Unfortunately, this perception — justified or not — has created fertile ground for a Grover Norquist-inspired proposal called the “65% solution.” The proposal, expected to be placed on Ohio’s ballot in November, would mandate that 65% of all public school funding be directed to the classroom.
On the surface, this sounds pretty appealing to most Americans. But in this Monday editorial USA Today explained why the phony "65% solution" creates more problems than it solves:
The idea is alluringly simple: Require schools to spend 65% of their education dollars for instructional purposes, presumably cutting administrative waste. Politically, who can resist? Not Texas, where the governor recently imposed the rule statewide.
... Opponents are easily demonized as champions of bureaucracy. But like most simple ideas for solving complicated problems, the 65% solution doesn't look as appealing under scrutiny.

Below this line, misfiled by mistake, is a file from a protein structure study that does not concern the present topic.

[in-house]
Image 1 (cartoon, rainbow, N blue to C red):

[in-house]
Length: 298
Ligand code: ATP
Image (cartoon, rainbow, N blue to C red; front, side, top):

... On average, schools spend about 61% of their budgets on "instructional" activities. But only about 8% of the remainder goes to the education bureaucrats in the central offices. The balance goes for librarians, bus transportation, school lunches, special education services, etc.
If schools do nothing but squabble over what's in or out of the 65% bubble, it becomes a useless distraction. Rural districts with expensive bus routes could find themselves drained of students.
... A Standard & Poor's evaluation shows that districts spending less than 65% on "instructional" activities are just as likely to turn in good or bad scores as those spending above that level.